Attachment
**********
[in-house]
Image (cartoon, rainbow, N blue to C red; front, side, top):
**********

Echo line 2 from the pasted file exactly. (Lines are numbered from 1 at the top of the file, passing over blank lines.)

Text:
Image (cartoon, rainbow, N blue to C red; front, side, top):